In the 1970s psychologist Jonathan Rotter discovered that we tend to fall into two camps: those who believe that the things that happen to us are down to outside forces we can do little about (external locus of control) and those who see ourselves as masters of our own fate (internal locus of control). In our culture we are encouraged to believe that a strong internal locus is a good thing, but if you see life as determined solely by your choices, that amounts to a load of pressure to make the right ones. No surprise then that people with high internal locus scores are vulnerable to guilt, perfectionism, anxiety and self-recrimination.

Life can be frightening, unpredictable and unfathomable at times. We all need some measure of control to make it bearable. However, occasionally we also need to trust both life and ourselves and let things unfold, rather than try to grab the wheel the whole time. As the great mythologist Joseph Campbell shrewdly observed in The Power of Myth, “We must be willing to let go of the life we have planned, so as to accept the life that is waiting for us.” But how many of us are brave enough to relinquish control to that degree?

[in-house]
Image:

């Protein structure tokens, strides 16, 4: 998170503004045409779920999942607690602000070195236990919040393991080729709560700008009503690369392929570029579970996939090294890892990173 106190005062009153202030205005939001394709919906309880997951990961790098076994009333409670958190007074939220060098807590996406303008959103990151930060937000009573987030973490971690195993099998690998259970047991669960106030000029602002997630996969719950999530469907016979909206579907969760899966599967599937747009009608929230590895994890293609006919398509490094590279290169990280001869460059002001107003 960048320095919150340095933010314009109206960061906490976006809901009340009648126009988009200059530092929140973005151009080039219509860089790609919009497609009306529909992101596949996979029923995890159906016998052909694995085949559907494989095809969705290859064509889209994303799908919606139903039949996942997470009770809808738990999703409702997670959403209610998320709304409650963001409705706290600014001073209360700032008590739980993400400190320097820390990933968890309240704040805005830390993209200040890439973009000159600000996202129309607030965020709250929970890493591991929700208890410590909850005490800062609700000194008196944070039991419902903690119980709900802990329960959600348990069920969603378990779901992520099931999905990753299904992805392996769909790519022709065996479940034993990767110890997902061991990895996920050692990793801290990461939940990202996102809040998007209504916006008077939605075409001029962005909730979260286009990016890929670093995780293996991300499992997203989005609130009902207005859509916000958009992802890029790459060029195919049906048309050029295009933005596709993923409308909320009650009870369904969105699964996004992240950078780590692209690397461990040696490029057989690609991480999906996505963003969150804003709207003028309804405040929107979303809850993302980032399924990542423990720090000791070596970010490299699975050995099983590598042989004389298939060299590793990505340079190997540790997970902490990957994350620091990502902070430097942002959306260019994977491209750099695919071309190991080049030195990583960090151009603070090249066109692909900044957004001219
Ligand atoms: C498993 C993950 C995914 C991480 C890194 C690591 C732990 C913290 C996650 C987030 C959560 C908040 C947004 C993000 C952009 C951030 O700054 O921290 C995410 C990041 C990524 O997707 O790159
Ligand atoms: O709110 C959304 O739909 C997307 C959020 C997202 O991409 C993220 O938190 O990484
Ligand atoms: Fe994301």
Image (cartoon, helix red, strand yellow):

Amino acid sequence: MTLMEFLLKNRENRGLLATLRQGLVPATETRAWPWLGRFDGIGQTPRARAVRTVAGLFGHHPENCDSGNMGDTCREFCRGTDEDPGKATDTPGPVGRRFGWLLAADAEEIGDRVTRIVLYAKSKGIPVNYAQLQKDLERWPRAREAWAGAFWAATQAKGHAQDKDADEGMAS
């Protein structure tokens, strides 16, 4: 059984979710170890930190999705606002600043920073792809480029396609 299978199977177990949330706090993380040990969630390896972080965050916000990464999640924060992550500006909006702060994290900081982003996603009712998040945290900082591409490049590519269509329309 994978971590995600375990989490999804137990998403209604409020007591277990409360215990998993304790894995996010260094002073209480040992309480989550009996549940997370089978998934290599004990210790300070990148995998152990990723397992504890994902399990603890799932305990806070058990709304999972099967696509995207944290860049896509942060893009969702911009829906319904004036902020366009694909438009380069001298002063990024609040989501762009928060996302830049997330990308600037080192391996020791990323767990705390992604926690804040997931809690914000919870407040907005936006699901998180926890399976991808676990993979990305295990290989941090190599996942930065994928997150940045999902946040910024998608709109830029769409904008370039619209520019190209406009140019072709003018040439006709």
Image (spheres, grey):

3. You can never be too assertive

Assertive behaviour is the gold standard of communication, promising to teach us how to establish a platform of mutual respect from which we can stand up for ourselves and get our voices heard, without ever needing to resort to aggression. But do the theory and practice of assertiveness really match up?

For a start, it turns out you can indeed have too much of a supposedly good thing. Daniel Ames and Francis Flynn discovered a “Goldilocks algorithm” operating in the workplaces they studied. Employees regarded too much assertiveness as just as problematic as too little.

When you examine assertiveness techniques themselves, it soon becomes apparent that assertiveness is a game in which you subtly aim to disenfranchise your opponent. I might use “fogging”, whereby I strategically align myself with some part of what you are saying in order to lever my own agenda. Or “negative assertion”, whereby I appear to take on board your criticism but in the very same breath press forward with my own demands.